To me a well built stone pier evokes feelings of permanence & stateliness. It is and always will be a timeless style.

There are countless examples of  stone piers built over 100 years ago still proudly standing and looking more elegant than ever. Today some are still being built with the same craftsmanship. However, this is just another of the skilled trades that seem more and more difficult to find today.

stone pier

Stone Pier Construction

Construction techniques do vary. The majority of stone piers are built on concrete footings. This helps ensure the stonework does not shift over time.

Another basic, but equally important construction feature is to build “plumb and square” corners.

This stone pier (pictured to the left) was being built on a solid poured concrete footing.  That’s good.  But after the stonework was partially up I realized it was out of square and the corners were not perfectly plumb. I contacted the company owner who had the crew redo the pier correctly.

This pier is built using full sized pieces of stone.  Cement is used to set and shim the pieces as they’re stacked. The idea is that no concrete show from the outside.  This gives the same look as a “dry-stacked” stone wall. The center or “core” of the pier is filled solid with concrete as it’s constructed.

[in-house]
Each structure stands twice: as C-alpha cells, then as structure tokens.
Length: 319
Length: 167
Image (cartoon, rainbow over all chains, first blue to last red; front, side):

There is another way this stone pier could have been built. Sometimes we use cinder blocks set on the concrete footing to form the pier shell or core. A stone veneer that averages 3″ thick is then applied to the cinder block.

Multiple Uses and Applications

Stone piers can be adapted in many ways in the landscape.

  • As driveway entrance stanchions – with or without gates.
  • Walkway entrances – either with or without gates.
  • At patio entrances.
  • Used at intervals along a wall.
  • Used as pier/posts for decorative fence (usually metal fence).
  • Used as an “anchor element” or accent in the landscape.

When I designed the front landscape for the home in the first picture above,  I wanted something more than the lamp post to mark the entrance to the front walk. A single stone pier sized properly to the surroundings would work well. The shallow planter placed on top complements the natural stone beautifully and allows seasonal changes throughout the year.

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